(New York, NY: Atlantic Monthly Press, 2017)
Built on an in-depth exploration of commonplace experiences, Michael Knight’s short story collection Eveningland explores the stages of a linear lifespan of its various fictional residents in Mobile Bay, Alabama. While guiding readers from stories of adolescence and middle age through to natural death, Knight’s stories simultaneously study the tiniest details of everyday experience while also exploring the grand scheme of the human lifetime. Through Knight’s precise and thorough exploration of character, even the smallest of moments – such as a couple preparing dinner or a teacher planning an art lesson – manage to speak broadly to internal conflicts and complex relationships.
In order to maintain a sense of tension within these quiet moments, Knight employs a theme of captivity throughout the collection. Whether literal or figurative, created by the residents of Mobile Bay or by environmental forces, each story elicits the sensation of walls closing in to slowly squeeze the characters within a trapped space. For instance, a scene in “Landslide” that focuses on sisters Kathleen and Lucy eating ice cream with their Aunt Nora serves to demonstrate the sisters’ complex relationship and Nora’s motherly instincts, but is also riddled with tension as the reader is aware of a deadly hurricane moving towards the home. Similarly, Knight’s exploration of marriage and manhood bubbles with stress as Isaac Yates holds his wife’s lover hostage in “Grand Old Party.” Through this sense of impending devastation, Knight creates space for his detail-oriented, exploratory writing while still maintaining movement and clear narrative arcs in his stories.
In what would appear to be a final crossroads, the entire cast of Eveningland gathers for a party in “Jubilee.” However, the piece appears only halfway through the collection. The story – which explores a well-worn and somewhat exhausted, although comfortable marriage – ends with the line “it’s far too late…they must stay this course to the end.” This refers not only to the party that Dean and Kendra view apprehensively, or to the domestic, suburban lifestyle that has offered the couple all it ever can. Because it appears at the midpoint of the collection, “Jubilee” also refers to the life and heritage of Mobile Bay; the stories that follow “Jubilee” explore old age and death in the community. Knight pushes past what appears to be an organic ending to discover what lies even further, simultaneously revealing the linear structure of his collection.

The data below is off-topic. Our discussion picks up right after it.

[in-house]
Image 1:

This structure leads the reader through a full lifetime at Mobile Bay, from adolescence to last breath. Although the first story, “Water and Oil,” is told through an adult point of view, it focuses mainly on the first love of a character referred to as “the boy,” emphasizing his innocent and youth. “Smash and Grab” explores the mingled sadistic and philanthropic desires of teenager Daphne, and is shortly followed by art teacher Hadley’s quarter-life crisis in “Our Lady of Roses.” Knight then transitions into middle age with “Jubilee” and “Grand Old Party,” exploring the intricacies and complications of well-worn marriages, before guiding the reader into old age with Martin’s controversial senility in “King of Dauphin Island” and – ultimately – the last moments of the journey, reflecting back during life’s final moments in “Landfall.”
This journey is seamless and organic; while each story highlights a particular character and, therefore, stage of life, the cast is diverse and mingled in a way that prevents the narrative focus from appearing contrived or theme-mongering. The collection almost functions as a novel, with each story leading the reader through a linear passage of time; for example, just as Hadley’s parents were split in “Our Lady of Roses,” they appear so later in “Jubilee,” and while the guests are “laughing at something A.B. Ransom has just said,” A.B. eventually passes away by the final story. By structuring the collection this way, Knight once again draws emphasis to the lifespan of Mobile Bay’s residents. Eveningland is focused not only on the smaller moments that build a character’s day or week, but also how these moments build upon each other to paint a full picture of a lifetime at Mobile Bay.
Ultimately, the collection is a love letter to Mobile Bay. Through structuring the collection around the progression of a lifespan at Mobile Bay, Knight captures the heart of the land through a lifetime’s worth of the intimate community’s experiences.
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Briana McDonald’s fiction has appeared in Rozyln: Short Fiction by Women Writers, Marathon Literary Review, and The Stonecoast Review. She is an Associate Online Editor and a prose reader at The Literary Review.